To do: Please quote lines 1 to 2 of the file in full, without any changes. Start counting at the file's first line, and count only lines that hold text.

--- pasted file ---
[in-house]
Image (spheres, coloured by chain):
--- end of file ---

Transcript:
[in-house]
Image (spheres, coloured by chain):